Chickens & Your Home Owner's Insurance--Did You Know?

QuillPen

In the Brooder
12 Years
Jan 23, 2008
23
0
22
West Virginia
True story.

My friend has about 11 acres for his chickens to free range. He also lives along a main road. Of course 11 acres was not enough for one of the birds and she was hit by a passing vehicle. Damage to the vehicle was minor but she turned it in to her insurance. Her agent told her that my friend was liable and his home owner's insurance would cover it. My friend contacted his agent and this is correct.

Anyone who lives along a road and lets their chickens free range should check into this.

You all may already know this, but I didn't, so FYI!
 

Ang

Songster
12 Years
Jan 2, 2008
681
6
151
West Central Illinois
Yep, I did know that. In fact, since we have a horse, we have some sort of rider to cover an accident if he is on the road and gets hit.
 

patandchickens

Flock Mistress
12 Years
Apr 20, 2007
12,520
253
341
Ontario, Canada
Pretty much in the East it's your legal responsibility to keep your livestock on your property, and in the West it's your legal responsibility to keep *other* peoples' livestock *off* your property and off the front bumper of your car. Sort of the difference between "good fences make good neighbors" and "don't fence me in"


(Well anyhow it used to be, don't know how much it may have changed.)

Pat
 

d.k

red-headed stepchild
11 Years
Feb 6, 2008
3,085
13
221
Southeast Coast of Florida
* What IS it with chickens and roads, ANYHOW???? Your friend has 11 WHOLE acres-- and at least one got in the road. My sweet but goofy chicken has 1/4 acre and she crossed the road TWICE just to sleep under the neighbor's camper!!! What's with that?? ~:eek:
 
Last edited:

Miltonchix

Taking a Break
12 Years
Jul 14, 2007
963
5
151
Milton, Florida
d.k :

* My sweet but goofy chicken has 1/4 acre and she crossed the road TWICE just to sleep under the neighbor's camper!!! ~:eek:

FINALLY!! The answer to "Why did the chicken cross the road....."
:ya
 

QuillPen

In the Brooder
12 Years
Jan 23, 2008
23
0
22
West Virginia
I wonder if chickens are like other animals that want to travel farther in the spring. I chased one of his banty roosters out of the road too last week. Maybe the grass really is greener on the other side.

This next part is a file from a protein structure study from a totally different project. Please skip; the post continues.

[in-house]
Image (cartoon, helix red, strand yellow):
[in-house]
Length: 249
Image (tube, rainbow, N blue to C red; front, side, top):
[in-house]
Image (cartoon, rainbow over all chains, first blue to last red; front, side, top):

I guess not too many people in my area know this liability rule. Last year, someone hit a neighbor's cow and that broohaha almost went to court. I ask you...who can't see a cow in the road?


We do use fences here; honestly, we really do!
 
Last edited:

Blisschick

not rusty
12 Years
Feb 20, 2007
1,875
32
191
Shepherd, Texas
I think here if the animal is in the road, it's your fault. I can't tell you how many times I've heard of people dying because they've hit cattle or a horse on a dark road at night. I know it can be hard sometimes for those with a lot of acreage to keep tabs on the condition of their fences, but when you've got old tree boughs for posts and the barbed wire is rusty and sagging...get a clue.


There's a place on the back road to my mom's job where a guy has a pond on his property near the road. It's not fenced in, so the ducks, chickens and geese end up meandering into traffic. Mom said it hasn't been unusual through the years to see multiple bodies on the road side. You'd think after loosing that much poultry he'd have fenced them in by now.
 

hiddenmagnolia

Songster
12 Years
Dec 21, 2007
210
4
134
South Louisiana
In Louisiana if you hit livestock in a "no lose stock law area" then the animal's owner has pay for the damages. If it is a private road or if lose stock is legal then the driver is liable. I can remember when there where several roads that lose stock was legal in some very rural areas.
 

New posts New threads Active threads

Top Bottom